Sovereignty and Interdependence in EU Military Procurement Regulation

On 12 June 2023, Dr Nathan Meershoek defended his dissertation Sovereignty and Interdependence in EU Military Procurement Regulation. Herein, he evaluates the effectiveness and appropriateness of Directive 2009/81/EC, which aims to strengthen the military 'strategic autonomy' of the European Union by liberalizing European defence industries. This liberalization is based on public procurement obligations for the Member States within the legal framework of the internal market. It is argued that this (market) approach to regulate military procurement is at odds with Member States' sovereignty on issues of strategic interest, and that regulation instead should primarily reside with the intergovernmental EU Defence Policy.

The first part of the dissertation builds on international relations theories, to evaluate the extent to which geopolitical power structures constrain EU integration and regulation of military procurement. This is relevant, because exception to the Directive can be justified by national security interests. Due to the significant differences in the military interests of the Member States, it is concluded that the economic interdependence approach – inherent in the chosen legal basis within the EU's internal market competence – is unsuitable as a basis for regulating military procurement. In military procurement the military-strategic interests of the Member States are decisive, so decisions are mainly aimed at strengthening independence (or, in other words, sovereignty) and/or military interdependence. Successful European integration in this area within the economically oriented system of the single market is therefore unlikely.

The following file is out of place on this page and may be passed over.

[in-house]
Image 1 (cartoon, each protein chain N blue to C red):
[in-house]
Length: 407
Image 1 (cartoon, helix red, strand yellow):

In light of this conclusion, the second part of the dissertation answers the question whether the Directive was adopted on the correct legal basis in the EU Treaties. After considering the role of sovereignty in the division of competences between the EU and its Member States in the field of military security, the legal characteristics of the security exceptions in the EU Treaties and the substance of the Directive, it is finally concluded that the Directive was adopted on the wrong legal basis in the EU Treaties. 

Based on the previous conclusions, the final part of the thesis provides guidance for a better regulation; first of all, by placing the regulation primarily within the intergovernmental EU Defence Policy. Based on five general principles – aimed at better facilitating sovereignty and interdependence – a recommendation is made of how the regulation could be improved.